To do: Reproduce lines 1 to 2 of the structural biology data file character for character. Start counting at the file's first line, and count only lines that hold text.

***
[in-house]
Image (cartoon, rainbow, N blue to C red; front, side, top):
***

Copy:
[in-house]
Image (cartoon, rainbow, N blue to C red; front, side, top):